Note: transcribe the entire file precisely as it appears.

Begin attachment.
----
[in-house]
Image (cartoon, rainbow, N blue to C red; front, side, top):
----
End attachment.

[in-house]
Image (cartoon, rainbow, N blue to C red; front, side, top):